The current study investigated the relationship between psychopathy and theory of mind (ToM), by comparing the performance of nonpsychopathic offenders (n = 40), psychopathic offenders (n = 42), and nonoffender controls (n = 26) on Happe's test of ToM (Happe, 1994). In addition, we investigated whether offenders' ToM skills would moderate the association between the antisocial psychopathy component (Factor 2) and self-presentation (i.e., the tendency to report social desirability and unlikely symptoms). Results showed groups did not differ in ToM performance. As expected though, ToM moderated the association between psychopathy and self-presentation: only for offenders relatively high in ToM, Factor 2 was strongly related to less social desirability and more unlikely symptom reporting. These results could indicate that offenders who are high in both ToM and Factor 2 exaggerate their mental dysfunction to express their need for clinical attention. Results are used to critically evaluate the interpretation of occurrences in which offenders overplay their psychopathology.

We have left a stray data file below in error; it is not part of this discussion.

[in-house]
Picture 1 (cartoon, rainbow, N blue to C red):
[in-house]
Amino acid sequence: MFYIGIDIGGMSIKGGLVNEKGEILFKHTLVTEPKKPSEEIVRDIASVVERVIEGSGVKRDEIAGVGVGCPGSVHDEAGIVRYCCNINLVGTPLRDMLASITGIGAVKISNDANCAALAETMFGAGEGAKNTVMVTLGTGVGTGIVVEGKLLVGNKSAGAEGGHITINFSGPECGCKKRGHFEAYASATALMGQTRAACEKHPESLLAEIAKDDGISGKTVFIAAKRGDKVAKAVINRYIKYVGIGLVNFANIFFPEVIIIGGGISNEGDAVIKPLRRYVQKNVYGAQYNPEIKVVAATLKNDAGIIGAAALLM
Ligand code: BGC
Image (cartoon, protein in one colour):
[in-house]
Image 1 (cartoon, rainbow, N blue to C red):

Nentjes, L., Bernstein, D. P., Arntz, A., Slaats, M. E., & Hannemann, T. (2015). Theory of mind, social desirability, and unlikely symptom reporting in offenders with and without psychopathy. Journal of Nervous and Mental Disease, 203(8), 596-603. https://doi.org/10.1097/nmd.0000000000000335